There are many aspects of ecological thinking. When reading texts through a lens of dark ecology, certain conflicts that arise from the imposition of human expectations on natural systems are revealed. These include interconnectedness, complicity, and ambiguities. Within a system, boundaries are contingent and transitory. Beginnings and ends are gradual, not definite. Ecological systems change over time, but it is a category error to imagine that change represents progress or to assume a teleological purpose. While there are hierarchies of power, and different roles, no species is, ecologically speaking, more advanced than another. Ecological criticism focuses on interconnectedness, complicity, and ambiguity in art and literature, and is well suited to texts that deal with destructive processes like degradation and decay. Noir serves as a good example of a genre that can be read as an ecological system. Graphic novels, which already defy easy categorization are also ripe for ecological study..In Do Androids Dream of Electric Sheep the boundary between natural and artificial is blurred, not just through the exploration of empathy, but in human artifacts. Watchmen uses many techniques, including a fractured narrative, simultaneous scenes on a single page, and the visual unity space and time to undermine the idea of clear beginnings and endings and critique teleology. A third work, Beautiful Darkness, probes how natural forces of disintegrations overcome temporary human constructs, including civilization. A dark ecological reading yields a sense of humility, instead of certainty, about human capacity for knowledge regarding ecological systems. It fosters respect for the unknowable that lies in shadow and the complicated natural systems that defy attempts at reduction. Disruptive events in narratives, when read ecologically, remind us of the unpredictable results that manipulation of components of the system can have for humanity, as well as on the functioning and balance of the system as a whole.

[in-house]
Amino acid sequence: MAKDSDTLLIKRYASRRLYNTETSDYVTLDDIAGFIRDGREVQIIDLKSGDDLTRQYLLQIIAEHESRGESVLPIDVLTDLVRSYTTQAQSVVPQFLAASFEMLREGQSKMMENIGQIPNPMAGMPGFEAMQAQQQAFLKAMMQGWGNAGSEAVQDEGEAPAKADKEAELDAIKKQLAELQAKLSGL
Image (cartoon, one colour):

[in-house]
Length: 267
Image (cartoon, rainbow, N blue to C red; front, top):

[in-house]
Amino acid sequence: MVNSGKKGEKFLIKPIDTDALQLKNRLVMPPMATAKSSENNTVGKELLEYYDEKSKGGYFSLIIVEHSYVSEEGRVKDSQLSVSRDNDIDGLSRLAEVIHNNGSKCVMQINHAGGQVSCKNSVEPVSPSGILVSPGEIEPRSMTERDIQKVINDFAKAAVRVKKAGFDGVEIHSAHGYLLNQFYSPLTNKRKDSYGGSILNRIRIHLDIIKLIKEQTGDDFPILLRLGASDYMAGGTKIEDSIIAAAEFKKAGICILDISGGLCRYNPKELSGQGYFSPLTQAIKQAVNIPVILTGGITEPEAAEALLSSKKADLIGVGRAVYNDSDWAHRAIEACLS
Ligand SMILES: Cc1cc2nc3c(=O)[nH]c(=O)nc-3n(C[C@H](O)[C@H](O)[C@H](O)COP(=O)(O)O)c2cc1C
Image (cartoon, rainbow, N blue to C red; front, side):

College and Department
Humanities; Comparative Arts and Letters
BYU ScholarsArchive Citation
Whipple, Rachel Dene, "Interconnectedness, Complicity and Ambiguity: Reading with Dark Ecology" (2016). Theses and Dissertations. 6090.
dark ecology, graphic novels, noir, ecological criticism